Updated: Jul 23
While environmental and climate justice advocates have been building a policy agenda for years, we currently do not have the political power in California to act on these solutions at the rate and scale required. The 2021 redistricting process is a unique moment to make key structural change: not only for the next legislative session, but for this final decade leading to the 2030 climate deadline.
California’s Constitution requires that redistricting preserve “communities of interest”—those economic or cultural ties that bind communities together—to the maximum extent possible. Northwest California is one of those communities of interest. Our coastal-moderated ecosystems share the same ecological history, which in turn has shaped the culture and economy of the area. The threats facing Northwest California are also similar, whether from sea level rise, drought, or climate change. Our environment and economy are best served by keeping Northwest California together.
Participate in a Communities of Interest Public Hearing!
The Citizen Redistricting Commission is holding virtual meetings based on “zones.” Your address is in Zone A. The Citizen Redistricting Commission is hosting a special meeting for our zone on July 1 from 12-8pm, to solicit input. Go to https://www.wedrawthelinesca.org/meetings to see the meeting agenda and to register to speak! Each speaker will get up to 3 minutes.
Need talking points? Check out below for more information!
Draw Your Own Map!
Don’t want to sit through a public meeting? Can’t make July 1st? No problem! Submit your testimony online, by email or by mail.
The Citizen Redistricting Commission has set up a cool website where you can draw your community of interest. Go to DrawMyCACommunity.org and follow the helpful tutorials. (Having trouble? Email firstname.lastname@example.org and we can help you through it!)
You can also provide input to the Commission by emailing: VotersFirstAct@crc.ca.gov (CC us at email@example.com too!) or by snail mail: California Citizens Redistricting Commission, 721 Capitol Mall, Suite 260, Sacramento, CA 95814. You can even call in your comments to (916) 323-0323.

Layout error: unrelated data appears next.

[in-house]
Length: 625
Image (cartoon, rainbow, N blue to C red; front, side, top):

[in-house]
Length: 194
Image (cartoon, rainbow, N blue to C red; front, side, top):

Need Help with What to Say?
At a loss over what to say? That’s understandable. We are here to help. The Commission needs to know four key things from you about your community. Here are some thoughts to help guide your testimony.
Where is your community located?
State where you are from and that you are speaking to preserve Northwest California’s community of interest.
What are the economic, social, and/or cultural interests that bind your community together?
There are many ties that link our communities together in Northwest California. Here are a few we at EPIC have thought of. Feel free to use any of these examples or add your own:
Our coastal-moderated forests, particularly the redwoods, form an ecological community that provide a shared economic history and a shared cultural history. Likewise, climate change presents unique challenges for this region (sea level rise, reduced summer fog and increasing temperatures). The importance of the redwoods to our cultural identity is mirrored in the names of our community institutions, Redwood Community Action Agency to the Redwood Rural Health Center to College of the Redwoods.
Our region shares similar land-based agricultural interests, from wineries stretching North from Sonoma through Humboldt, to cannabis. Climate change is going to affect agriculture in our region, from warmer temperatures to less precipitation. We are better able to mitigate and adapt together.
Our wild salmon fisheries found in the coastal streams and rivers of Northwest California, though a shadow of their former runs, are still vitaly important to our area and help to form a shared cultural interest. From tribal fishermen to recreational anglers, we share a love of our wild salmon and the region is invested in taking concrete steps to bring our salmon back. We are best able to advocate for salmon through preserving this community of interest.
Although Northwest California is often very rural, we are noticeably different from much of rural California. Environmental protection, love of public lands, and concern about climate change are values shared in Northwest California.
Why should your community should be kept together for fair and effective representation?
What nearby areas does your community want to or not want to be grouped with?
Northwest California share a common economy and culture; by contrast, we are less similarly aligned with our fellow residents to the East. These areas are more culturally conservative and their economies are still more tied to extractive economies, making them a poor “fit” with our area.